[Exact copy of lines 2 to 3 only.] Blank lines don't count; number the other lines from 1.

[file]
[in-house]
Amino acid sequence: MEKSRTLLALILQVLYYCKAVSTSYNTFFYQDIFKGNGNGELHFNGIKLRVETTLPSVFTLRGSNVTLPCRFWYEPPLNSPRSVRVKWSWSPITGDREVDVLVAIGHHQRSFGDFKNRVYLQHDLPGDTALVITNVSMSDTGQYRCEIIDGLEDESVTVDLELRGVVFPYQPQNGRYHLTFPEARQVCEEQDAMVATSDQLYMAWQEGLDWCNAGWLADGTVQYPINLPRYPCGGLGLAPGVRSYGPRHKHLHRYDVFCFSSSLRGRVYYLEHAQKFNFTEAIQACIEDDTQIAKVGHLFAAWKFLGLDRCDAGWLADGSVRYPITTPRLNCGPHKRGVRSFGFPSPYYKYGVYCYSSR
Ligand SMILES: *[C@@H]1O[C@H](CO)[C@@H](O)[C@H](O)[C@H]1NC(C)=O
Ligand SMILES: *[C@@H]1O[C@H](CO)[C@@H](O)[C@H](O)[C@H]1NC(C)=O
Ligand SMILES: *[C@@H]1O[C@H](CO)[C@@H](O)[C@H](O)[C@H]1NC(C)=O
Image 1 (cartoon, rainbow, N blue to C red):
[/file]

Amino acid sequence: MEKSRTLLALILQVLYYCKAVSTSYNTFFYQDIFKGNGNGELHFNGIKLRVETTLPSVFTLRGSNVTLPCRFWYEPPLNSPRSVRVKWSWSPITGDREVDVLVAIGHHQRSFGDFKNRVYLQHDLPGDTALVITNVSMSDTGQYRCEIIDGLEDESVTVDLELRGVVFPYQPQNGRYHLTFPEARQVCEEQDAMVATSDQLYMAWQEGLDWCNAGWLADGTVQYPINLPRYPCGGLGLAPGVRSYGPRHKHLHRYDVFCFSSSLRGRVYYLEHAQKFNFTEAIQACIEDDTQIAKVGHLFAAWKFLGLDRCDAGWLADGSVRYPITTPRLNCGPHKRGVRSFGFPSPYYKYGVYCYSSR
Ligand SMILES: *[C@@H]1O[C@H](CO)[C@@H](O)[C@H](O)[C@H]1NC(C)=O